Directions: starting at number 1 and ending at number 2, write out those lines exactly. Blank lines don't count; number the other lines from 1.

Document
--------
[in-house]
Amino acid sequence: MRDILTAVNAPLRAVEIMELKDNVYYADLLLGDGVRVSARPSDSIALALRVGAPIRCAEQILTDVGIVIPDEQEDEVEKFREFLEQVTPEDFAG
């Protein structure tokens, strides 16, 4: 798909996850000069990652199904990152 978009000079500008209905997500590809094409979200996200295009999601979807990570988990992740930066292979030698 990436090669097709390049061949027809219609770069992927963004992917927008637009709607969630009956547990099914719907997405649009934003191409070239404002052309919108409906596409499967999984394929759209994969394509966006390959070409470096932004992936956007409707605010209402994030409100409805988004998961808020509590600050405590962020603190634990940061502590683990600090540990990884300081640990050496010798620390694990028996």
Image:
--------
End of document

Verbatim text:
[in-house]
Amino acid sequence: MRDILTAVNAPLRAVEIMELKDNVYYADLLLGDGVRVSARPSDSIALALRVGAPIRCAEQILTDVGIVIPDEQEDEVEKFREFLEQVTPEDFAG